I mentioned that the Dynamo midfield didn't have the get-up-and-go to challenge United in terms of tackling and winning 50/50 balls; that will not be the case this time. Houston may or may not correct their issues in terms of positioning, anticipation, and maintaining an overall solid shape, but I guarantee that they won't be nearly as easy to out-hustle this time around. It may sound like a cliche, but the Black-and-Red will have to dig deep and find a way to keep the "who wants it more" factor close. Otherwise, Houston will be very comfortable, as simply battling harder than their opponent is often a huge component to the Dynamo's success.

In the attack, United would be well advised to mix in plenty of early services. Houston has been making decisions slowly as a group, and something as simple as a deep cross to an alert striker could pay dividends. In addition, our wide players will again need to look for quick combinations with De Ro and our strikers. Hainault and Ashe are good defenders 1v1, but have positional issues and can be tricked into mistakes.

That quick combination play would be well adapted to our whole offense. Houston plays a flat midfield four, so our diamond will allow us the luxury of having De Ro in an area not really patrolled by anyone. Adam Moffat is the defensive midfielder, but he doesn't play nearly as deep as you usually see around the league. Moving the ball quickly will prevent him from being able to track back fast enough to pressure De Ro, who we all know can do wonders with space and time.

Defensively, the ideas of staying patient and disciplined while avoiding cheap fouls are even more important this time than they were at RFK. With Davis in from the start, free kicks and corner kicks will be an enormous threat. United will be at a distinct disadvantage in terms of size, so simple stuff like staying with your mark on such plays will also be critical.

Speaking of the Dynamo left midfielder, our right-sided players need to cut off the passing lanes between the rest of the team and Davis. Rather than trying to defend his services, we should be looking to minimize the number of times he gets the ball. United will be better off funneling the Dynamo's possession into the middle or down the right. Not only will this take Davis out of the game, but it will also mean that the forward pairing of United killer Will Bruin and captain Brian Ching will get fewer crosses altogether, taking away their preferred method for getting their chances.

Meanwhile, the Dynamo offense is hardly the most complex when in possession. Houston doesn't necessarily prize keeping the ball for long spells; their direct style means that following a turnover, United's defenders and midfielders must get into good defensive positions as soon as possible. Houston is the kind of team that wants to pump the ball into the box immediately after a turnover, so staying focused and being quick to adapt to new situations will be of the utmost importance.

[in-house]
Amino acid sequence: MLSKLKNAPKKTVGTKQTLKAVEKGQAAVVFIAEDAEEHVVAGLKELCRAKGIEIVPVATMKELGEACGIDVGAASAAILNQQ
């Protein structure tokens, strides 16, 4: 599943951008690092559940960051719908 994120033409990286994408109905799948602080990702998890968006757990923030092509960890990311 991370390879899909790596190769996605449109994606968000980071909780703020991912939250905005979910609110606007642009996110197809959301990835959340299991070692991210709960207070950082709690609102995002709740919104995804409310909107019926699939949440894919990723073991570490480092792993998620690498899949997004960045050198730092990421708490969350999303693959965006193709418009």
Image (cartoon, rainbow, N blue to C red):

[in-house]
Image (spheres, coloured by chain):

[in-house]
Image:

Finally, there's the issue of containing Bruin, which won't just come from denying Davis much time with the ball. Bruin's high work rate means that he ends up getting to a fair number of knockdowns from Ching. While United won most of those battles overall at RFK, we went through a spell where disorganization (due to Dudar having to leave the game injured) and some satisfaction with a good first half crept in. That stretch of the game was precisely when Bruin struck for two goals.

A big reason Bruin has succeeded against United has been that we just haven't been very organized or focused in the back. He doesn't do anything in particular other than work really hard and finish fairly well. Soccer can be a simple game, and in the case of finally stopping Bruin it will come down to mundane stuff like getting to loose balls before he does - Perry Kitchen could be a huge factor in that regard - and not being outworked on an individual basis. Bruin tends to play down the middle or slightly to the right of center, so Brandon McDonald (likely at left-center back if Robbie Russell is again deployed centrally) and Daniel Woolard will have to be particularly dialed in.

The overriding factor today will be dealing with the atmosphere. Houston will be giving this their very best in terms of effort and desire, and that can overcome a lot. If United can make it less of a blood-and-guts, track-meet style of game, and place more of an emphasis on our advantage in terms of soccer IQ and skill, we will likely frustrate the Dynamo.

Being strong in the first 15-30 minutes will also be critical; an early goal for us might short-circuit the Dynamo's momentum, but at the very least we need to survive that spell without going behind and giving a struggling team (winless in 5 games) some confidence. Conceding early will only add to the undeniable mental advantage a team gets from opening their new home (not to mention bringing the crowd into the game even more).

The tactics might be fascinating, but this game will be more about collective psychology than anything else. A mentally strong United can mitigate the Dynamo's excitement, which opens the door for us to win by being the smarter, more skillful soccer team. On the other hand, if character is in short supply for Olsen's Army on the night, it will probably be an awfully long 90 minutes.